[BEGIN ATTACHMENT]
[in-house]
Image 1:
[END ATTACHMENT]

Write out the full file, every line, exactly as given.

[in-house]
Image 1: